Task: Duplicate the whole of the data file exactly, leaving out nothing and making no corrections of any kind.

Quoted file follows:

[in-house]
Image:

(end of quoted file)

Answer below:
[in-house]
Image: